Majority of Surveyed Physicians Oppose Automatic Substitution of Biosimilars
More than half think pharmacy-level substitution is inappropriate (Sept. 4)
BioTrends Research Group, located in Exton, Pa., reported on September 4 that surveyed specialist physicians in the U.S. and Europe are generally opposed to pharmacy-level automatic substitution of branded biologics for biosimilars.
More than half of 549 surveyed specialists (rheumatologists, gastroenterologists, endocrinologists, nephrologists, medical oncologists, and hematologist-oncologists) either said that automatic substitution is an overall bad idea, or they believed that it is only appropriate for specific biologic drug classes.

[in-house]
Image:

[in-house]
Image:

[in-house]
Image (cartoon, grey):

According to primary research findings, a significantly greater proportion of German physicians believe that automatic substitution is an overall bad idea, compared with surveyed physicians in the U.S. and France.
Physicians were most likely to believe that insulins are appropriate for automatic substitution, although opinions on which biologic drugs are appropriate significantly differed by specialty.
Approximately one quarter of the physicians thought that no biologics are appropriate for substitution.
For more information, visit the BioTrends Web site.